An enlightening six-hour portrait of what the Irish have endured and what they've accomplished in the U.S. will be must-seeing for viewers with a heart.
An enlightening six-hour portrait of what the Irish have endured and what they’ve accomplished in the U.S. will be must-seeing for viewers with a heart. PBS’ lopsided scheduling won’t help the cause (with part three’s two complete episodes playing back to back), and what’s missing is surprising. But what’s here is rich in sadness, laughs and astonishments; it not only takes the cake, it eats it.
“Irish in America” proves an engrossing, revelatory study of a particularly special people. But there’s a definite feel of painting with a wide brush from a tube of generalizations. Dark recollections surface of Ireland’s onetime glorious days when superb art and literature were flourishing.
Ireland, Christianized by the 5th century’s St. Patrick, was blooming through the 1500s. The storytellers, descendants of poets attached to the courts of chieftains, had been the keepers of history — “the Gaelic aristocracy at its finest hour, before the disasters of the 17th century, when the British broke the power of the Catholic chieftains, took possession of their lands, sacked the castles, banned their faith.”
Views of now-ruined castles, of stony, moonlike landscapes and haunting music suggest the outcome of ancient troubles and poignant, instinctual memories, but what happened isn’t always clear.
The first two hours stick mostly to the old sod, harking back, way back, to misty times followed by the 1840s’ massive potato famine. In 1607, the year the English were settling Jamestown, the Irish began their emigration to the New World, where they arrived mostly as indentured servants and laborers.
In the States, Irish Catholics eventually began swarming into Protestant Boston, worrying the propers. The immigrants saved some of the pittance they earned to send home. The women hired on as domestics, called “Bridgets,” were considered stupid because they didn’t know of fine silver and tureens. The program flashes stills of sturdy young women decked out in starched maids’ outfits, and there are sadistic, anti-Irish cartoons about the ignorance of the girls.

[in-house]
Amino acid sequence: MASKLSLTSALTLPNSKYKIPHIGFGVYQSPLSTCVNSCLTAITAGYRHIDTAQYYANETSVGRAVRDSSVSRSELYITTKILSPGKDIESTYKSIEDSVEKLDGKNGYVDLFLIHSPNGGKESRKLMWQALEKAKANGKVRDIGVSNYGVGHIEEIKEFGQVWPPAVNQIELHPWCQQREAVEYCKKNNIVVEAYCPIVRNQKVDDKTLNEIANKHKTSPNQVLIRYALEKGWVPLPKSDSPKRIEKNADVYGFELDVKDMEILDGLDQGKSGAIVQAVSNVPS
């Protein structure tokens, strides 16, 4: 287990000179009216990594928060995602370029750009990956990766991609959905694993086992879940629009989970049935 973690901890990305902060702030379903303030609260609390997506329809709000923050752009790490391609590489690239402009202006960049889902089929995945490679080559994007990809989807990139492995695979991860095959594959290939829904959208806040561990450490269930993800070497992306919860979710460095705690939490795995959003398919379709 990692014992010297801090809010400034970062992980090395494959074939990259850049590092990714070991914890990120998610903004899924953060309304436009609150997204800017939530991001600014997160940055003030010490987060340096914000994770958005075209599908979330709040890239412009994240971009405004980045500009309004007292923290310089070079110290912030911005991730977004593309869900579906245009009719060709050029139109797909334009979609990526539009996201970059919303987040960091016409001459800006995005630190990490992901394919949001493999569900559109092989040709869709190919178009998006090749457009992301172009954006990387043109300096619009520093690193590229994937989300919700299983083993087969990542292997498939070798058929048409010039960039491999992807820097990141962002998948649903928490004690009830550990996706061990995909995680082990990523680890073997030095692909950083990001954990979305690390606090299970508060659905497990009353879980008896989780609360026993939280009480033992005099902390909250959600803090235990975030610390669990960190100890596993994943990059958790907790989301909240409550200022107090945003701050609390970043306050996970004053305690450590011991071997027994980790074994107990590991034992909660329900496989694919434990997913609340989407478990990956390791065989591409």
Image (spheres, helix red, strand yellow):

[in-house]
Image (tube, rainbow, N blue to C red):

There’s a sharp passage about Dublin-born John L. Mackay, who’d struck it obscenely rich in Nevada City’s Comstock Lode before moving on to Butte, Mont., where he dominated copper mining. He was disappointed when his uppity wife left him for New York, where she and her children were going to make the big splash in society. Snubbed because she had once been a Bridget, she ended up in Europe.
Docu also looks at the stories of Jack Kefoe, Alec Baldwin and the Molly Maguires, and John L. Sullivan’s tale is wonderful, replete with lively music and good pictures of the solid, bare-knuckled boxer. There were no rules, and anything was allowed, including biting noses and ears.
The Irish became a force in the United States — on Wall Street, in the theater, in literature and the arts, in sports and in politics. George M. Cohan was producing 10 shows a year in the 1920s, and NYC’s Mayor Jimmy Walker was riding high. The Irish were not just lower-class citizens any longer, with Joe Kennedy making millions out of booze and the market, F. Scott Fitzgerald penning major best-selling novels, champ Jack Dempsey at Madison Square Garden.
The film’s Eugene O’Neill segment plays to the Irish intellect just as its Kennedys section plays to the Irish spirit. The thoughtful, if too-brief, look, does cover O’Neill’s Irish sense of foreboding and guilt. Claire Bloom and Jason Robards read in voiceover from his autobiographical masterpiece, “Long Day’s Journey Into Night.”
Irish Protestants get the short end of the shillelagh here, but under series producer Lennon’s sure-handed guidance, the program is entertaining, involving and, at times, amusing as well as dark. It’s eye-opening about not only the Irish but about America. Each chapter adopts a distinctly different tone.
The Irish Mafia, actors and directors, scientists, Ronald Reagan, the Fighting 69th, Audie Murphy, Joe McCarthy, Hollywood figures and the five Sullivan brothers who perished in World War II are passed over, but it can’t be helped. A million pounds of shamrocks can’t be crammed into a six-pound sack.
“The Irish in America,” astutely directed by Lennon and Mark Zwonitzer, counts off how the Irish have moved upward from deepest darkness to the top of the morning. The camerawork throughout is superb, the research enterprising, the editing exemplary. The score by Paddy Moloney, of the Chieftains, and Brian Keane is terrific, as are the mood-setting contributions of the vocalists and musicians. The whole production is as riveting as its subject matter.